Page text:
Space Raft’s singer/guitarist Jordan Davis started out in the fine teenage garage band, Mystery Girls, in Green Bay, WI, around the early-2000s. But even then, in their drunken, nervous, tip-toe into a rock life, they displayed solid songwriting chops, eventually landing on In The Red, but fraying into the all ages ether. So it’s nice to see him back driving this thick-hooked, wah-wah-rock combo that evokes images of flare jeans, swaying hair and tall amps with the pleather peeling off the sides.
The Milwaukeeans really lay it on upfront in the second song, Jupiter Rising, singing of “the hydrogen sky” and being out there, searching, believing. Luckily most of their excursions hover around four minutes, but should you see one of their shows, offer them beer or Coca-Cola rather than more weed. For now, their dutiful, near-jam leanings are simply rooted in the Great Lakes’ laid back, basement practice-then-porch-chat tradition. There’s a Matthew Sweet-like yearn about, the back-up vocals are of a similar power pop vintage and the beats are boot-stomp sure. It all rises up and out highest on Rescue Mission that rocks like latter-day Hellacopters, and the gleaming, just right ‘n’ ragged We’re Not Alone, a summer sunset jam par excellance.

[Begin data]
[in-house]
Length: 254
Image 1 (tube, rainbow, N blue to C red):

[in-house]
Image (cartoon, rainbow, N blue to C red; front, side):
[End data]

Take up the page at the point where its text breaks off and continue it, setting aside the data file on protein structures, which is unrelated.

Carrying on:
Overall, the redux ’70s vibe has Space Raft suited to share a bill or bowl with Goodnight Loving and Spider Bags, opening for the Reigning Sound. (In fact, Goodnight Loving bassist Colin Swinney was actually in Space Raft at its start, before moving off to California.) It’s quite easy for a quintessential “midwest” (a huge area by the way, so let’s not stereotype, but, y’know) band to saunter the fence between cheap-rent lifestyle grooving and wheel-spinning. And there are moments here where you’ll be nudged into deciding which side they’re teetering into, noticeably on the plainly Beatles-y Venus in Transit and shimmying jam-anthems Waves Of Frustration, and Humboldt Reservoir Blues. Never thought I’d say a band could sometimes use more wah-wah and cowbell, but there you go.
But hey, coming down from their post-teen years sharing stages with various drunken garage kooks has probably earned Davis and pals some time to do the head down and solo slow-down for a bit. (Keyboardist TJay Christenson was in Temper Temper; bassist Srini Radhakrishna was in Guilty Pleasures, one of the wilder garage punk bands of the mid-90s—you should seek out their excellent posthumous LP on Dusty Medical from a couple years ago.) Plus, being a debut, and given the propensity for new bands to tour, sharpen up and gain organic gusto, one can hope the second album is just revved enough to carve a more distinct personality into the deck of this Raft.